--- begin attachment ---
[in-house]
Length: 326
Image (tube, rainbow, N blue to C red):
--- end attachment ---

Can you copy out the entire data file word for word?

[in-house]
Length: 326
Image (tube, rainbow, N blue to C red):